Change agility: growing the capacity for creative adjustment in ‘the global field’

Chitta, Kiran (2015) Change agility: growing the capacity for creative adjustment in ‘the global field’. [Doctorate by Public Works]

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Recent research by the United Nations Overseas Development Institute has underlined the criticality of ‘change readiness’ for a country’s ability to ‘manage change and cultivate opportunity’ (see 2012 Change Readiness Index), relating this closely to governance, ethical leadership and institutional agility. My submission is about the process of change in human systems. I share my learning from the perspective of practice as an organisational psychologist supporting my client systems through periods of transformational change. The practitioner doctorate reveals very intimate aspects of my own life, motivation, identity and professional experiences adopting a psychotherapeutic orientation coupled with a reflexive audit methodology, in order to demonstrate proficiency at a doctoral level of reflective practice in organisational settings. The doctoral standard is defined in p 31-33, Doctorate in Psychotherapy by Public Works Handbook 2013/14, ‘Assessment and Progression’. This work is not an academic research report using a standardized structure for reporting scientific research findings. It is certainly not a descriptive list of career achievements or publications. I have learned that the spirit of this doctoral programme is to bring into awareness the true nature of my work, to demonstrate how a corporate career and private practice can be defined and differentiated in publically meaningful, empirical ways. I share the professional products of experiential learning, a series of reflexive case studies of my experience and a resultant body of work on ‘change agility’. Change agility can be interpreted as the capacity for creative adjustment in individuals and in human systems, a functional response to a high level of continuous uncertainty. This also leads to exploration of tensions arising in organisation consulting and my integration of contrasting research paradigms. I make reference to a wide research literature, drawing on several different academic traditions, connecting Gestalt models to a broad base of organisational theory and psychological research. I seek to contribute to and stimulate the inter-disciplinary science and art of organisational change, putting this into its broader socio-economic context. I connect the role change plays in institutional health with what Parlett calls a ‘unified’ and a ‘global’ field, using a Gestalt field perspective on human capacities (Parlett 1997, 2000). Overall my work supports and further develops various recent Gestalt models promoting relational practices which support healthy responses to field complexity within institutions. In corporate settings, my work suggests these abilities can be translated into metacompetences and capabilities commensurate with ‘change agility’. Through a business relevant model of change agile practices which I have developed, I am promoting a relational and Gestalt oriented form of change management. My overarching mission is to put the ‘human’ back into the at times dystopian field of ‘human resource management’, particularly where mechanistic change management efforts are concerned.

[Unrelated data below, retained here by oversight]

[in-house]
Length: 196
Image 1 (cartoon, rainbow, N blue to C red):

Item Type: Doctorate by Public Works
Research Areas: A. > School of Science and Technology > Psychology
B. > Doctorates by Public Works
C. Collaborative Partners > Metanoia Institute
Item ID: 18452
Depositing User: Users 3197 not found.
Date Deposited: 18 Nov 2015 16:52
Last Modified: 11 May 2023 11:09

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